Winter blunderland: don't make these winter cycling mistakes
Base mileage, keeping on top of your fitness and avoiding cold weather weight gain: winter training is critically important to the rest of the year — provided you navigate the snow-covered minefield of potential mistakes
Winter is the start of the cycling season, the time of year when you do the work needed to prepare yourself for summer. It’s also the hardest time of year to train, though, and year after year we all make the same mistakes over and over again.
>>> Fuel properly for winter cycling
Get your winter cycling right and you’ll be on track for a great summer. Of course, it’s not always easy when bad weather, the party season and our own lack of planning is lying in wait to trip us up. Most of the problems are avoidable, though, given some preparation, a bit of good kit and the right mindset.
>>> Cycling jackets for wet weather
Not wearing enough kit, or the wrong kit, is a mistake made by many riders. A cyclist’s worst nightmare is a sudden change in the weather with no extra layers packed; you’ll gradually get colder and/or wetter, with nothing you can do about it. Killing your motivation for winter cycling, you end up riding cold, soaked through and wishing your hobby was chess or knitting.
To prevent you from resorting to hibernation, ensure you carry a decent waterproof and windproof jacket with you. It needs to have the capacity to keep you warm if you get caught out — insulation and windproofing are essential features.
>>> Best front bike lights for under £100
Taking an extra layer, whether it’s a waterproof or just a lightweight gilet, is always a good idea when out doing winter cycling, given the ever-changeable nature of British weather.
Your extremities, hands and feet, are likely to get coldest. Cold hands or feet are miserable, so invest in decent winter gloves, socks and overshoes. Decent clothes specifically designed to cater for cold temperatures are available, so there is no excuse not to ride. It’s key to remember you can remove clothes but you can’t put on what you don’t have — so wrap up and take spares!
>>> Winter road bike tyres
Either indulging too much or riding too little during the festive season has the same outcome: you put on weight. Over-indulge and under-exert and the result is worse: you get fat.
Motivation is the key to keeping you on the bike. The lack of racing and grim weather make riding a lot less appealing, but remember it is do-able with the correct kit.
>>> Winter's here: flu fighting foods
Finding motivation to keep riding is important. Try switching to off-road riding or racing; cyclo-cross is an option, as is doing more group riding with a club. Anything that helps get you outdoors is worthwhile. Having someone whom you promise to meet up with helps — it’s a firm commitment, as you won’t want to let your training buddy down.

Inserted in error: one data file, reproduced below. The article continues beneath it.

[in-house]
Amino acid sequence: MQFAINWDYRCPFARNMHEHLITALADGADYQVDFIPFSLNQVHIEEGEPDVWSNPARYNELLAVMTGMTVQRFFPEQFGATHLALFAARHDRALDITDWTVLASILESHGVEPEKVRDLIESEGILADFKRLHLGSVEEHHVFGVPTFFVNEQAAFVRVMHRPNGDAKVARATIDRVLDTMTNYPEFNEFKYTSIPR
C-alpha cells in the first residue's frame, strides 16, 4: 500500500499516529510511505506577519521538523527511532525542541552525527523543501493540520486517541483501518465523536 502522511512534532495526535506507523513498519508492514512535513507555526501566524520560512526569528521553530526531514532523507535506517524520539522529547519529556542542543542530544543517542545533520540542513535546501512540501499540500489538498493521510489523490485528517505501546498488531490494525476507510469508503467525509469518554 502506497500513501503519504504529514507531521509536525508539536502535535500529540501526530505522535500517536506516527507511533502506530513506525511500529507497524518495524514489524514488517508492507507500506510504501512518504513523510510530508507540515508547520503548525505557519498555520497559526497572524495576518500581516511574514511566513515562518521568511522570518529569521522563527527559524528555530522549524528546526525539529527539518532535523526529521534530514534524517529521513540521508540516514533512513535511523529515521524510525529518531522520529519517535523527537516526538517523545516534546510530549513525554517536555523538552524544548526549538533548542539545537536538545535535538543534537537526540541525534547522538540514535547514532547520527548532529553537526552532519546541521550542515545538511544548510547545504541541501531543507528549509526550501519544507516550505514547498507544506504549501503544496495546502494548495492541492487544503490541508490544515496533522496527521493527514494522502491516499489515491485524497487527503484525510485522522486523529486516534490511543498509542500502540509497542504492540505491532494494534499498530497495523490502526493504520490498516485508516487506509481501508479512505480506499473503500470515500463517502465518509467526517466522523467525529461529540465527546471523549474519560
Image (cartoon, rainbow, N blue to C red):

Eating too much during winter is hard to avoid. There are parties with rich food and drinks to tempt you, and if you’re not riding as much as usual, these temptations can cause disastrous weight gain.
Try to limit your intake of high-calorie treats. Instead of having chocolate or mince pies as a snack, opt for fresh fruit or a few nuts. While socialising, alternate between alcoholic drinks and water — which will also help prevent a hangover!
>>> Biking and boozing: Can cycling help your hangover?
If you want to get the most out of your winter of riding, you need a plan. The start of winter is the best time to think about your goals for next year, analyse your strengths and weaknesses and put together a training plan to get you there.
>>> Preparing yourself and your bike for winter cycling
If you are serious about making progress, now is the best time to undergo a fitness test. There is a tendency to put off having a test until you are fit, since no one likes to see low numbers and be forced to come face to face with their lack of conditioning. It’s more important, though, to establish a clear picture of where you are right now. So put your ego aside, test your fitness now, and start following a plan. There are numerous plans available in training manuals or online, and it’s also worth considering getting some help from a coach.
Wrong type of training
There are two schools of thought about winter. The first advises lots of long, slow miles to help build up a decent base. You need lots of motivation for these long endurance rides — cold, wet, windy days are not fun. The other school of thought purports that maintaining some top-end fitness is important, whether that’s strength, speed or a combination.
>>> Turbo training sessions: Get the most out of your indoor training